Volkswagen Apparently Played Us and Everyone Else

Tim Healey
by Tim Healey

Late yesterday, news dropped that Volkswagen planned to change its name to Voltswagen. A lot of automotive journalists noted the date and called out the announcement as a premature April’s Fool prank, but further reporting seemed to confirm that the name change was indeed real.

Turns out that it really is an April Fool’s prank gone awry.

According to Mike Wayland at CNBC, here’s how it all went down: The unfinished press release leaked yesterday, and when reporters at several outlets, including CNBC, contacted VW, they were told the plans were real and not a prank.

Wayland says that sources within the company seemingly lied to the reporters who were making inquiries. He further reports that VW will release a statement tomorrow clarifying it was all a joke.

Now, there are old journalism maxims that cover this sort of scenario — “trust but verify” and “if your mother says she loves you, check it out” — but they don’t really apply so easily if you can’t source documentation or other means to prove/disprove a source’s claims. In other words, the reporters who queried VW were at the mercy of their sources, and when those sources lied, the press had no way to tell.

We, too, got played — Matt wrote a wonderful screed about the supposed change, and I asked you folks just this morning if VW was hurting EV adoption with this idea.

No one likes being fooled — and may I note we’re still 48 hours away from the actual April Fool’s Day — so I went back and re-read the press release. Typically, OEMs insert some sort of language as a tell when they write up a fake release, unless the gag is so absurd as to be obvious. The telling language is usually a subtle way of saying “we’re just joking” to any journalist who hasn’t yet had enough caffeine to process a prank. Oft times, it’s a reference to check the date.

This release, however, scans as straightforward. The quotes sound real. The date is March 30, 2021. Nothing about it signals a joke.

Intentionally or not, Volkswagen fooled a lot of people. I am not mad, but I am also not impressed — either VW really did want to change the name and is using April Fool’s as an excuse to back down from a truly dumb idea, or it was a prank all along and handled in the most ham-handed manner. Neither is a good look.

For now, though, it appears the company isn’t changing the name to Voltswagen. We’ll see what fresh twist the saga brings tomorrow.

[Image: Volkswagen]

Tim Healey
Tim Healey

Tim Healey grew up around the auto-parts business and has always had a love for cars — his parents joke his first word was “‘Vette”. Despite this, he wanted to pursue a career in sports writing but he ended up falling semi-accidentally into the automotive-journalism industry, first at Consumer Guide Automotive and later at Web2Carz.com. He also worked as an industry analyst at Mintel Group and freelanced for About.com, CarFax, Vehix.com, High Gear Media, Torque News, FutureCar.com, Cars.com, among others, and of course Vertical Scope sites such as AutoGuide.com, Off-Road.com, and HybridCars.com. He’s an urbanite and as such, doesn’t need a daily driver, but if he had one, it would be compact, sporty, and have a manual transmission.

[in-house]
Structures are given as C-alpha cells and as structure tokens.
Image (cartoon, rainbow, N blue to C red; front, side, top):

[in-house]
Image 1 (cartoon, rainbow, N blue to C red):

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  • Kendahl Kendahl on Mar 31, 2021

    There are two ways GM could go. One is to differentiate the three brands by price. Cadillac expensive and luxurious. Chevy low priced and plain but adequate. Buick in between. The other is to give each brand a specific mission even if there is overlap in price. Cadillac would be the luxury brand. Chevy the basic transportation brand. Buick (should have been Pontiac or Oldsmobile) the performance brand. Either way, make GMC the truck and full size SUV brand.

  • Akear Akear on Mar 31, 2021

    VW is still apparently the worlds number two car maker. They can get away with anything. It kind of reminds me of the arrogance of GM 50 years ago.

  • Corey Lewis The short truck is terrible. The tire blocks all rear visibility while making the tiny bed very tricky to access. And the wheels on it look like they're from 2002. Other than that, I really like the idea of the Grenadier and it seems like a good effort. I wouldn't buy one because of the tractor recirculating ball steering, which makes it terrible in everyday use.
  • Bjohnson10 Coast to Coast by the Jesus and Mary Chain. It's only about someone on a cross-country motorcycle trip while high on heroin.
  • Funky D A few from my road trip playlist: Eddie Rabbitt - Drivin' My Life AwayAmerica - Ventura Highway---Herb Alpert - Route 101Jerry Reed - East Bown and DownEddie Money - Shakin'Lindey Buckingham - Holiday RoadWar - Low RiderTears for Fears - Everybody Wants to Rule the World (Not a driving song per se, but if you've seen the video, you'll get it)Wang Chung - Wait (Gotta see the end credits of "To Live and Die in LA", for this one)
  • Ronin Or can sedans be saved from themselves? Modern sedans have very low entry and seating, and unnecessarily downward sloping rear roofs. This may have been a sleek design center 25 years ago, but it's nice to have an alternative to SUVs for the olds (ie, anyone over 30).
  • Bd2 The Hyundai Sonota is the best sedan on the market right now.
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